Hope these tips help! 

Blessings as you teach your children to write! Please share or ask questions in the comments below.

Much grace,

Fresh New Handwriting Charts!

Some time ago, a fellow South African teacher, now living and working in New Zealand visited my blog and then emailed me and offered to make me new handwriting charts for my blog.

I was stunned. 

My old teaching-days-photocopied-and-tipexed-charts I had uploaded to my blog were fuzzy, smudged and unclear.  Of course I said, “YES!”

Within weeks she popped these gorgeous fresh new charts into my Dropbox

I was delighted.  But then my laptop crashed … and it has taken me months absolutely ages to reorganize myself and upload all these lovely clear charts and refresh my Handwriting Pages

Do you want to pop over and take a look? 

May I introduce you to my cyber-fairy Veronica?

She works as a Special Needs Teacher in Auckland, New Zealand.  She describes how she felt the Lord lead her to take up a position in the school: 

“I emigrated to New Zealand in 1997. I could not find a post at a normal primary school in Auckland and then I got an interview at a special school in the south of Auckland. I wasn’t trained for special education and wondered whether I would be able to do this.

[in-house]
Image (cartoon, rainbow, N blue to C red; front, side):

I was pretty nervous as I arrived at the school for the interview, but when I put my hand on the door handle at this Special School, I made eye contact with the students who were waiting for their taxis, and I was sold.

I soon found out that there were no resources available for the low functioning students at that school. I wasn’t very computer literate, but had to learn fast, as I had to make worksheets etc to suit their learning levels and abilities.

When I wanted to write a series of books (resources) and needed a font, and I had to learn how to make fonts.   This would also help other teachers if they wanted to make their own worksheets.

I am also making font pages for a friend who is teaching at a Distance Education School in the South of Brisbane as she has one student who is autistic.

Children need resources to make their education fun and worthwhile.  It doesn’t matter how disabled they are, they can still learn and have a fruitful education!

I don’t want to make a difference in the lives of just the 6 students I teach, but I want to make a difference in 6 million or more other children’s lives!”

How inspiring!  I trust that the Lord blesses and rewards you for  your compassion and love and practical ministry.

And may I say again, “Thank you so much Veronica.”

Blessings,

Celebrate Handwriting ~ National Handwriting Day!

Why is National Handwriting Day held on this day?

On January 23, 1737 John Hancock was born in Braintree, Mass.  He was the first person to sign the United States of America’s Declaration of Independence with a large flourishing display!

This is his famous signature.